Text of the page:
Glenn Greenwald assembles evidence in support of claims that state, local, and Federal law enforcement officials are helping BP intimidate reporters and shield the cleanup operations from public scrutiny:
She documented one incident which was particularly chilling of an activist who — after being told by a local police officer to stop filming a BP facility because “BP didn’t want him filming” — was then pulled over after he left by that officer so he could be interrogated by a BP security official. McClelland also described how BP has virtually bought entire Police Departments which now do its bidding: “One parish has 57 extra shifts per week that they are devoting entirely to, basically, BP security detail, and BP is paying the sheriff’s office.”
Even better, in a linked ProPublica article:
A photographer taking pictures for these articles, was detained Friday while shooting pictures in Texas City, Texas.
The photographer, Lance Rosenfield, said that shortly after arriving in town, he was confronted by a BP security officer, local police and a man who identified himself as an agent of the Department of Homeland Security. He was released after the police reviewed the pictures he had taken on Friday and recorded his date of birth, Social Security number and other personal information.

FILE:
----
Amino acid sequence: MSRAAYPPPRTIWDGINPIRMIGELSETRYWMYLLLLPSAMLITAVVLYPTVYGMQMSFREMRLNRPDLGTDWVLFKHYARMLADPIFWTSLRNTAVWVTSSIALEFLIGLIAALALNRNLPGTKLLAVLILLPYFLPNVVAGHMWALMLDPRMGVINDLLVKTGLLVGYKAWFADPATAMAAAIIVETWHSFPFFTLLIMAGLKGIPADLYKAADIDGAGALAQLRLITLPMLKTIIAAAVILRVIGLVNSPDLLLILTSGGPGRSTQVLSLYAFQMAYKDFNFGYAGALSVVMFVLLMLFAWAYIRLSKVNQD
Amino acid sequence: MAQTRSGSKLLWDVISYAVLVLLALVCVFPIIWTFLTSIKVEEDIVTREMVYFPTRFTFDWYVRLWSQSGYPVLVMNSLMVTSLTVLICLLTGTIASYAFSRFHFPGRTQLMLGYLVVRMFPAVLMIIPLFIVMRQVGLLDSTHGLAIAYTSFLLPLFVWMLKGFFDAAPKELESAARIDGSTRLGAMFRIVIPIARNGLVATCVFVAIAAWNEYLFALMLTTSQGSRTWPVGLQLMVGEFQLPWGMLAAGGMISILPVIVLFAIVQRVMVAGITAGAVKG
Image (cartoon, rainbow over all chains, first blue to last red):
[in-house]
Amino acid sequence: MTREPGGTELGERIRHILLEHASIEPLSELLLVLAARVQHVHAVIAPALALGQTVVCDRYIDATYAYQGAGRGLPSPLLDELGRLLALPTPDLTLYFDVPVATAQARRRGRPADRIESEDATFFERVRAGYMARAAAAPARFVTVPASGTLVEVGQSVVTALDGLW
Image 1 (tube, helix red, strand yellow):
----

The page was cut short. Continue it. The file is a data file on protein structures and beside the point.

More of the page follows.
The police officer then turned that information over to the BP security guard under what he said was standard procedure, according to Rosenfield.
Journalists who come too close to oil spill clean-up efforts without permission could find themselves facing a $40,000 fine and even one to five years in prison under a new rule instituted by the Coast Guard late last week.
It’s a move that outraged observers have decried as an attack on First Amendment rights. And CNN’s Anderson Cooper describes the new rules as making it “very easy to hide incompetence or failure“. . . .
[S]ince “oil spill response operations” apparently covers much of the clean-up effort on the beaches, CNN’s  Cooper describes the rule asbanning reporters from “anywhere we need to be” . . . .
The unfortunate part is that Anderson – who has the name and resources to fight this – won’t push the line. In fairness to him, I suspect the line they draw for him would be much further in than for your standard issue investigative reporter. Further, he can’t be everywhere. But that’s what BP and its corrupt law enforcement officers are relying upon. To the significant detriment of all of us.